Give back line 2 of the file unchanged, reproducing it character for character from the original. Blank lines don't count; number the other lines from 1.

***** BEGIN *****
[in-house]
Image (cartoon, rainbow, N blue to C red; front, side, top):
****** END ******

Image (cartoon, rainbow, N blue to C red; front, side, top):